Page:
Medical malpractice: How is a brain tumor diagnosed?

Our bodies speak to us, so it can be frightening when we suddenly feel extremely ill. In some instances, a severe headache or nausea is merely part of having some sort of virus, like the flu. In other cases, though, the diagnosis can be much more serious. The only way to know for sure is to go to the doctor, have him or her conduct an examination and assessment, and rely on their diagnosis. When a medical professional makes an accurate diagnosis, effective treatment is often available. Yet, when a doctor in Massachusetts fails to diagnose a medical condition or makes the wrong diagnosis, then the treatment may be ineffective or harmful, leaving victims with a worsened medical condition.

A diagnosis error can occur when a patient has a brain tumor, for example. There are many ways that a brain tumor can be diagnosed, but they all rely on a medical professional to order and properly interpret appropriate testing. One way to diagnose a brain tumor is through a neurological exam. Here, a doctor may check a patient’s vision, balance, hearing, coordination, as well as his or her reflexes and strength. If any of these areas are facing issues, then there may be a problem with the victim’s brain.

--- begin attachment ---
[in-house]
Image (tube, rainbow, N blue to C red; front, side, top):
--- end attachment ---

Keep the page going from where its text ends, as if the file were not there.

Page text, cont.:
Doctors can also utilize imaging tests to locate the presence of brain tumors. MRI, CT, and PET scans may all locate a brain tumor, allowing a doctor to more effectively treat it. Medical professionals may also perform a biopsy, wherein tissue is removed and examined to determine if it is cancerous. This operation can help doctors determine how best to treat a tumor.

Medical professionals carry a heavy burden, yet they are expected to provide patients with a certain level of care. When that level of care is not provided and a patient suffers harm as a result, then a victim may have grounds for a medical malpractice claim. Success on one of these claims may bring a victim much needed compensation to cover medical expenses, lost wages and pain and suffering damages.

Source: Mayo Clinic, “Brain Tumor,” accessed on Dec. 3, 2016


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